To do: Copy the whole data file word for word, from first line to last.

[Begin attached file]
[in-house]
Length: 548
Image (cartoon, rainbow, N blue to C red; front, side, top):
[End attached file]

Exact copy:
[in-house]
Length: 548
Image (cartoon, rainbow, N blue to C red; front, side, top):